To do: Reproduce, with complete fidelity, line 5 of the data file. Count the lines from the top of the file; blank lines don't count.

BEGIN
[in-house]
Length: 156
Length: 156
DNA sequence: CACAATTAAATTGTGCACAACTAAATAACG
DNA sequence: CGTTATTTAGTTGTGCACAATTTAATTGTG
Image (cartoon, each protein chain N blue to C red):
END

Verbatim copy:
DNA sequence: CGTTATTTAGTTGTGCACAATTTAATTGTG